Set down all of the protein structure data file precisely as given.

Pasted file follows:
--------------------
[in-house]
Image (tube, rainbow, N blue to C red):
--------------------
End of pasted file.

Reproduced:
[in-house]
Image (tube, rainbow, N blue to C red):